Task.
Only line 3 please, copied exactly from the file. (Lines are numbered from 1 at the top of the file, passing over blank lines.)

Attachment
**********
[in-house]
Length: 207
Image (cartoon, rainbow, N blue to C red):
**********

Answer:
Image (cartoon, rainbow, N blue to C red):